In the laminating apparatus, the longitudinal centerline of the energy emitting surface of horn 27 is positioned, parallel with the axis of opposing reaction roll 28, to form an equidistant gap with the line of tangency across the reaction surface 29 of the said opposing reaction roll 28. The gap is adjusted to approx. one half the combined thickness of layers 21, 22, and 23, and is commonly referred to as the nip. The length of bar horn 27 and the width of reaction surface 29 on reaction roll 28 is preferably slightly greater than the width of the stacked layers 21, 22, and 23.
As they enter the nip formed by the energy emitting surface of bar horn 27 and the reaction surface 29 of reaction roll 28, layers 21, 22, and 23 are compressed, forcing them to absorb the mechanical vibratory energy emitted from the energy emitting surface of bar horn 27, causing their temperature to instantly rise to their fusion point, and resulting in the immediate bonding of the three layers. Upon exiting the nip, the fused areas cool and solidify to become the laminate sheet article 30. Thereafter it is wound into rolls for subsequent cutting or sheeting operations.
The use of a smooth reaction surface 29 on reaction roll 28, results in the bonding of 100% of the adjacent surface areas of layers 21, 22, and 23 to each other, and results in a laminate sheet article 30, with good cleaning capabilities.
Further experiments were conducted by evaluating the use of a so called embossing roll for reaction roll 28, which had a linen pattern engraved onto its outer reaction surface 29 to produce three dimensional effects when used on paper products and the like.
The experiments revealed that only the outermost peripheral surfaces of the embossed pattern on reaction surface 29 of reaction roll 28 produced sonic bonding of the fabric layers 21, 22, and 23. The result, rather unexpected, was a viable laminate sheet article 30, with bonded areas of approx. 10% of the total area, which had retained all the desirable properties of the component fabric layers, and additionally had embossed surfaces which further improved their cleaning capability.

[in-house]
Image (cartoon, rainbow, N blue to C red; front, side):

Further experiments, using reaction rolls 28, with specially designed peripheral patterns engraved on reaction surface 29, such as raised dots, raised segmented line designs, and raised surface areas produced even better results, and established that engraved patterns resulting in bonded areas in the range of 1% to 99% of the laminate sheet article may be used.
In particular, a so called pin dot pattern shown in reverse, appearing as 31 on the resulting surface of laminate 30 in FIG. 3, or a line segment pattern also shown in reverse as 32 in FIG. 3a, are examples of preferred patterns for reaction surface 29, that provide a bonding area of approx. 5% of the total surface area of laminate 30. A laminate 30 bonded by using a pin dot pattern 31 engraved on reaction surface 29 of reaction roll 28 is shown in crossection in FIG. 2a.
A low percentage of bonded area in the laminate 30 is preferred because the desirable cleaning properties of layers 21, 22, and 23 in their unbonded state are retained, and are additionally enhanced by the embossed surfaces produced by the patterned reaction surface 29 of reaction roll 28. Furthermore, their resilient and compressive properties are also retained. Still further, it allows optional surface pattern designs that comply with special requirements, such as for example, eye appeal.
The laminate 30, produced by the aforesaid sonic bonding process has the desired thickness of approx. 0.033 to 0.038 inches, that in use, exhibits the flexibility, absorptivity, compressibility and unique cleaning capabilities that provide superior results in the cleaning of slots in slot card readers, wherein credit cards of industry standard thickness of 0.030 inch are used.
When manufacturing the laminate sheet article 30, for use in cleaning the scanners and print heads of facsimile machines, a thinner three layer structure is required, wherein the melt blown thermally bonded polypropylene fabric layers 21, and 23, have a basis weight of 0.5 ounce per square yard, and the spunbonded polyester layer 22 has a basis weight of 2.10 ounces per square yard.
Layers 21, 22, and 23 are bonded to result in laminate sheet article 30 by using the same sonic bonding process revealed in Example-1, and as shown in FIG. 4, with some minor adjustments, such as decreasing the gap between pull rolls 24 and 25, and decreasing the gap between the energy emitting surface of bar horn 27, and the reaction surface 29 of reaction roll 28, to provide the required compression of nonwoven fabric layers 21, 22, and 23.
The resulting laminate sheet article 30 is approx. 0.020 inches thick, is moderately flexible, to prevent its wrinkling in the transport mechanism of fax machines, and produces the desired results in cleaning the aforesaid scanners and print heads.
When the laminate sheet article 30 is used in applications other than those cited in the aforesaid preferred Examples 1, and 2, as for example in toll machines, the outer layers 21, and 23, may optionally comprise other synthetic or natural, woven or nonwoven fibers, as for example: felt, high loft cellulosics, microporous sponge, acrylic wovens, or nonwoven hydroentangled mixtures of wood pulp fibers and polyester fibers known as Sontara, a trademarked product of the DuPont Co.